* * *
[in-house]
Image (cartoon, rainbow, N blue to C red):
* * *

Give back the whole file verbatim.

[in-house]
Image (cartoon, rainbow, N blue to C red):